I beg of you, plead with you, Japan, please bring in all the worlds resources to try and stop this madness that is only getting worse. The world needs you to open up your doors so that we all do not die a slow and awfull death. All life on earth depends on this to happen.
PLEASE !!!!! Patrick

Featured Videos

Your JavaScript is turned off or you have an old version of Adobe's Flash Player. Get the latest Flash player.
Treatment for Childhood Epilepsy Heats up Medical Marijuana Debatei
X
Shelley Schlender
July 24, 2014 6:43 PM
In the United States, marijuana is classed as an illegal drug by the federal government. But nearly half the states have legalized it, to some degree. Proponents say some strains of marijuana might have exceptional health benefits, for treating pain or inflammation in chronic conditions such as cancer, multiple sclerosis and epilepsy. Shelley Schlender reports on a strain of medical marijuana developed in Colorado that is reputed to reduce seizures in childhood epilepsy
Video

Video Treatment for Childhood Epilepsy Heats up Medical Marijuana Debate

In the United States, marijuana is classed as an illegal drug by the federal government. But nearly half the states have legalized it, to some degree. Proponents say some strains of marijuana might have exceptional health benefits, for treating pain or inflammation in chronic conditions such as cancer, multiple sclerosis and epilepsy. Shelley Schlender reports on a strain of medical marijuana developed in Colorado that is reputed to reduce seizures in childhood epilepsy
Video

Video Airbus Adds Metal 3D Printed Parts to New Jets

By the end of this year, European aircraft manufacturing consortium Airbus plans to deliver the first of its new, extra-wide-body passenger jets, the A350-XWB. Among other technological innovations, the new plane will also incorporate metal parts made in a 3-D printer. VOA's George Putic has more.
Video

Video Death Toll From Israel-Gaza Conflict Surpasses 700

Gaza officials say a shelling hit a compound housing a United Nations-run school in the Gaza Strip, killing more than a dozen people, during an Israeli offensive in the area. Heavy fighting between the Israeli military and Hamas militants continued on Thursday, pushing up the death toll. So far, more than 730 Palestinians and 35 Israelis have been killed in the conflict. VOA's Scott Bobb has the latest from Jerusalem.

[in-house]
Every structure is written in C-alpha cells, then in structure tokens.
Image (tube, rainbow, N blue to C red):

Video

Video AIDS Conference Welcomes Exciting Developments in HIV Treatment, Prevention

Significant strides have been made in recent years toward the treatment and prevention of HIV, the virus that causes AIDS. This year, at the International AIDS Conference, the AIDS community welcomed progress on a new pill that may prevent transmission of the deadly virus. VOA’s Anita Powell reports from Melbourne, Australia.
Video

Video Israel Targets Gaza Supply Tunnels

The Israeli military has launched a ground operation in Gaza to destroy the myriad tunnels that may have been used to smuggle weapons to Hamas. VOA's Zlatica Hoke reports that could mean more hardship for the people of Gaza, who obtain some of their essential supplies through these underground passages
Video

Video Researchers Target Low-Cost Avatar Technology

Scientists at the University of Southern California Institute for Creative Technologies say 3-dimensional representations could revolutionize social media. Elizabeth Lee has more from Los Angeles.
Video

Video IAEA: Iran Turns its Enriched Uranium Into Less Harmful Form

Iran has converted its stockpiles of enriched uranium into a less dangerous form that is more difficult to use for nuclear weapons, according to the United Nations’ Atomic Energy Agency. The move complies with an interim deal reached with Western powers on Iran's nuclear program last year, in exchange for easing of sanctions. Henry Ridgwell reports for VOA from London.
Video

Video In Cambodia, HIV Diagnosis Brings Deadly Shame

Although HIV/AIDS is now a treatable condition, a positive diagnosis is still a life altering experience. In Cambodia, people living with HIV are often disowned by friends, family and the community. This humiliation can be unbearable. We bring you one Cambodian woman’s struggle to overcome a life tragedy and her own HIV positive diagnosis.

AppleAndroid